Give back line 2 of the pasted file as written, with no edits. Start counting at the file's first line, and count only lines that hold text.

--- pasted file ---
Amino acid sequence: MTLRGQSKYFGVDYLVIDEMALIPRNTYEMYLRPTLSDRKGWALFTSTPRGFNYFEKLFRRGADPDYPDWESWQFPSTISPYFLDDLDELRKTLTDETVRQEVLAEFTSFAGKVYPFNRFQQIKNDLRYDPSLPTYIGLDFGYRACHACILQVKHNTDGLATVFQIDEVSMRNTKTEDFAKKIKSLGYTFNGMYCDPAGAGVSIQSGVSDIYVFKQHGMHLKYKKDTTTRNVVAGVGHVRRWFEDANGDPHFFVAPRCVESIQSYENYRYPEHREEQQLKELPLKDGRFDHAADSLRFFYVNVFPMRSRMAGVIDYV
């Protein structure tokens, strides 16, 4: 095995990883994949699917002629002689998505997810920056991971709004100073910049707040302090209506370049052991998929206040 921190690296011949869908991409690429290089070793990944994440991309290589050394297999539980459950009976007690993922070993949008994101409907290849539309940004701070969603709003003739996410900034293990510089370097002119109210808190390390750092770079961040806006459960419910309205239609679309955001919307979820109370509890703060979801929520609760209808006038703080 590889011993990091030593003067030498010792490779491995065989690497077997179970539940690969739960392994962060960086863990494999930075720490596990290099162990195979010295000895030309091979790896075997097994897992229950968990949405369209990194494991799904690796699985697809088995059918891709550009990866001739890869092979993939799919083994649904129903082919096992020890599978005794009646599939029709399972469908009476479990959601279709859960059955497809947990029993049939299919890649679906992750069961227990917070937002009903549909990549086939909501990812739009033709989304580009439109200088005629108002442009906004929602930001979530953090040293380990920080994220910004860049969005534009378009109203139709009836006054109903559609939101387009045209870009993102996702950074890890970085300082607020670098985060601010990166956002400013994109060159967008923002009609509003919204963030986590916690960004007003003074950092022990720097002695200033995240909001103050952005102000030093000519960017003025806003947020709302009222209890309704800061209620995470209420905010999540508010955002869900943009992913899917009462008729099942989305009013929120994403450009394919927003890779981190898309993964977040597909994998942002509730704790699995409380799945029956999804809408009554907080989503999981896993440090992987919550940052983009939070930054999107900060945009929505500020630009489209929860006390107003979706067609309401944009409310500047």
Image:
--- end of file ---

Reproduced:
């Protein structure tokens, strides 16, 4: 095995990883994949699917002629002689998505997810920056991971709004100073910049707040302090209506370049052991998929206040 921190690296011949869908991409690429290089070793990944994440991309290589050394297999539980459950009976007690993922070993949008994101409907290849539309940004701070969603709003003739996410900034293990510089370097002119109210808190390390750092770079961040806006459960419910309205239609679309955001919307979820109370509890703060979801929520609760209808006038703080 590889011993990091030593003067030498010792490779491995065989690497077997179970539940690969739960392994962060960086863990494999930075720490596990290099162990195979010295000895030309091979790896075997097994897992229950968990949405369209990194494991799904690796699985697809088995059918891709550009990866001739890869092979993939799919083994649904129903082919096992020890599978005794009646599939029709399972469908009476479990959601279709859960059955497809947990029993049939299919890649679906992750069961227990917070937002009903549909990549086939909501990812739009033709989304580009439109200088005629108002442009906004929602930001979530953090040293380990920080994220910004860049969005534009378009109203139709009836006054109903559609939101387009045209870009993102996702950074890890970085300082607020670098985060601010990166956002400013994109060159967008923002009609509003919204963030986590916690960004007003003074950092022990720097002695200033995240909001103050952005102000030093000519960017003025806003947020709302009222209890309704800061209620995470209420905010999540508010955002869900943009992913899917009462008729099942989305009013929120994403450009394919927003890779981190898309993964977040597909994998942002509730704790699995409380799945029956999804809408009554907080989503999981896993440090992987919550940052983009939070930054999107900060945009929505500020630009489209929860006390107003979706067609309401944009409310500047």